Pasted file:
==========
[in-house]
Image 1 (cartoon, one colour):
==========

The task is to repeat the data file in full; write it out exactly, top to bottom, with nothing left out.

[in-house]
Image 1 (cartoon, one colour):